Ikram and Rahmat steadied the ship, the former taking a liking to the pace of the expensive Alzarri Joseph.

Rahmat clattered new boy Shepherd over his head for six and Ikram struck Joseph over the rope as he scored a 47-ball half-century, though he was then run out in schoolboy fashion when wandering out of his crease to congratulate his partner on reaching 50 when the ball was not dead.

Afghanistan capitulated in Rashid Khan's first ODI as skipper after the third-wicket stand of 111 came to an end, Chase (2-31) dismissing Rahmat as they lost eight wickets lost for 68 runs, Asghar Afghan (35) also run out.

Paceman Shepherd (2-32) struck twice as the last four wickets fell for three runs, yet it looked to be game on when the Windies were 25-2 with Evin Lewis and Shimron Hetmyer back in the pavilion.

However, Hope and Chase - promoted to number four - applied themselves well to take the wind out of Afghanistan's sails.

Opener Hope was content to accumulate steadily as Chase played more expansively, hitting 11 boundaries but missing out on three figures when he was cleaned up by Mujeeb Ur Rahman, leaving Nicholas Pooran to come out and hit the winning runs.

Pat Cummins will skip Australia's third and final Twenty20 against Pakistan with a view to being fresh for the first Test at the Gabba.

The star spearhead is remaining behind in Sydney as Australia travel to Perth for Friday's decider after taking a 1-0 series lead thanks to their commanding seven-wicket win on Tuesday.

Cummins claimed 1-19 from his four overs in Canberra but Australia are wary of adding to his heavy recent workload.

The world's top-ranked Test bowler played every match of Australia's Cricket World Cup and Ashes campaigns from June to September.

Australia head coach Justin Langer said: "We've got so much cricket on, he plays a lot of it, so when you get a little opportunity rather than taking the long flight to Perth [you take it]. He's going to stay here, recover and get prepared for the Test series."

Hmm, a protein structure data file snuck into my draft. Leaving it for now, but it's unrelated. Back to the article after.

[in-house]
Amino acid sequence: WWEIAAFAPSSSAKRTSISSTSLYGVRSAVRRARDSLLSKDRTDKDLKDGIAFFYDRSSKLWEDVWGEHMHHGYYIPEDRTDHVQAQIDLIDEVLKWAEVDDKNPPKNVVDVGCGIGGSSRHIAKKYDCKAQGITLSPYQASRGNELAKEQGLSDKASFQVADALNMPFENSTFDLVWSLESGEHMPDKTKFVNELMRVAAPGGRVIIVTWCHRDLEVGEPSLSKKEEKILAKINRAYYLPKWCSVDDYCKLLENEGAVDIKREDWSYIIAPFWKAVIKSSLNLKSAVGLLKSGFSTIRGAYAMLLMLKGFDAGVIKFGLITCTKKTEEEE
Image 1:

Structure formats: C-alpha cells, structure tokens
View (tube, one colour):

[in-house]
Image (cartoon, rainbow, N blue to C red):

Australia and Pakistan will have just under two weeks to warm up for the first of their two five-day fixtures following Friday's meeting at Optus Stadium.

Cummins could still take part in New South Wales' next four-day Sheffield Shield game against Western Australia, which begins on Monday.

Steve Smith conceded he may lack the strength of Twenty20 cricket's big hitters, but the Australia star knows he has the talent to make runs in the shortest format.

Speaking after smashing a magnificent unbeaten 80 off 51 deliveries to help Australia beat Pakistan by seven wickets, Smith cited his placement and timing as key.

The result at Manuka Oval gave the hosts a 1-0 series lead and it all hinged on Smith's well-crafted knock.

"If you look at my batting record in T20 internationals, it's not crash hot," said Smith.

"I guess you have to bear in mind, [early in my career] I was batting number eight or nine, coming in and slogging, facing half a dozen balls tops. It's never easy so it's going to affect your record at some point.

"I don't doubt my ability. I know the tempos of the game and I've played a lot of [T20] cricket now.

"I may not be as strong as some of the other guys but I use placement and timing.

"The white ball usually flies off the bat particularly when it's brand new. If you're timing the ball well you get value for your shots most places."

Australia successfully chased down 151 for victory in the second of three T20 meetings, with Smith accounting for over half of that total in an innings that included 11 fours and one maximum.

The former captain gave an insight into his thought processes when he is at the crease with a target to beat, and described his responsibility to "fix it" when things are not going to plan.

"If you're chasing, you weigh up the situation and what you need and what you need to go at, which bowlers you want to target and just work out the maths in your head and that's chasing," he explained.

"Batting first you have to sum up conditions and how the wicket is playing, what you think a good score is and who is in the opposition, all those sorts of things.

"I've played a lot of cricket now, I'm pretty experienced and my role in this team is to fix it if the top don't come off.

"They [the top order] have been exceptional in these games that we've played, Sri Lanka and the first one against Pakistan before we got washed out.

"They're pretty consistent up top so if they don't come off then it's up to me to fix it."